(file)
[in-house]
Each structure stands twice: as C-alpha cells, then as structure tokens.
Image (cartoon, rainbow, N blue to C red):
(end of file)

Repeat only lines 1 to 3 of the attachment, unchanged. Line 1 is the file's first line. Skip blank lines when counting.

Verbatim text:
[in-house]
Each structure stands twice: as C-alpha cells, then as structure tokens.
Image (cartoon, rainbow, N blue to C red):